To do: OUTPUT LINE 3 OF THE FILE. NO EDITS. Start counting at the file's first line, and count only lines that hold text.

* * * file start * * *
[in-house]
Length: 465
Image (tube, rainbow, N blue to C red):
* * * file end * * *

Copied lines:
Image (tube, rainbow, N blue to C red):